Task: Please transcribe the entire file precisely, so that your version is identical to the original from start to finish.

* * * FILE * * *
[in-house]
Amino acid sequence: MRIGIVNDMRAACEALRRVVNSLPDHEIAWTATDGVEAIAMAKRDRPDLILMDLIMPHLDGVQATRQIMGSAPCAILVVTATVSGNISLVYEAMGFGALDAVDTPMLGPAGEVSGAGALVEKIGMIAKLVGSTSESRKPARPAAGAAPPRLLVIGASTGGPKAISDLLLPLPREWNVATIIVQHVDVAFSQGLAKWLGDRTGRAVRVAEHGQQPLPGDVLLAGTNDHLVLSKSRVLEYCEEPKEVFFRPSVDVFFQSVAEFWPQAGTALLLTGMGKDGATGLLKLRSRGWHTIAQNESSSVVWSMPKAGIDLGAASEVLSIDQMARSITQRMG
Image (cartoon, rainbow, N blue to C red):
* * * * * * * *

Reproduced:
[in-house]
Amino acid sequence: MRIGIVNDMRAACEALRRVVNSLPDHEIAWTATDGVEAIAMAKRDRPDLILMDLIMPHLDGVQATRQIMGSAPCAILVVTATVSGNISLVYEAMGFGALDAVDTPMLGPAGEVSGAGALVEKIGMIAKLVGSTSESRKPARPAAGAAPPRLLVIGASTGGPKAISDLLLPLPREWNVATIIVQHVDVAFSQGLAKWLGDRTGRAVRVAEHGQQPLPGDVLLAGTNDHLVLSKSRVLEYCEEPKEVFFRPSVDVFFQSVAEFWPQAGTALLLTGMGKDGATGLLKLRSRGWHTIAQNESSSVVWSMPKAGIDLGAASEVLSIDQMARSITQRMG
Image (cartoon, rainbow, N blue to C red):